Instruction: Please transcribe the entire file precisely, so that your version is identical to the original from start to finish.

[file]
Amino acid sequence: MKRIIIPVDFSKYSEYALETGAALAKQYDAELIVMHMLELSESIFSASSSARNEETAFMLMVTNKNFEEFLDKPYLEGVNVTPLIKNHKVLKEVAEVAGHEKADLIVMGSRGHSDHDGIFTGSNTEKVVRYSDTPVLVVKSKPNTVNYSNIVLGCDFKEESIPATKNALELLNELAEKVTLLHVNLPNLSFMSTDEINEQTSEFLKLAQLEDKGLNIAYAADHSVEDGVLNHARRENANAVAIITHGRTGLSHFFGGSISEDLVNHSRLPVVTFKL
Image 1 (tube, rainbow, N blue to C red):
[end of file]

Amino acid sequence: MKRIIIPVDFSKYSEYALETGAALAKQYDAELIVMHMLELSESIFSASSSARNEETAFMLMVTNKNFEEFLDKPYLEGVNVTPLIKNHKVLKEVAEVAGHEKADLIVMGSRGHSDHDGIFTGSNTEKVVRYSDTPVLVVKSKPNTVNYSNIVLGCDFKEESIPATKNALELLNELAEKVTLLHVNLPNLSFMSTDEINEQTSEFLKLAQLEDKGLNIAYAADHSVEDGVLNHARRENANAVAIITHGRTGLSHFFGGSISEDLVNHSRLPVVTFKL
Image 1 (tube, rainbow, N blue to C red):